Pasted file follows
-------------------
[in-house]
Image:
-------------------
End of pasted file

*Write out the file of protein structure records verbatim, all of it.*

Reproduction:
[in-house]
Image: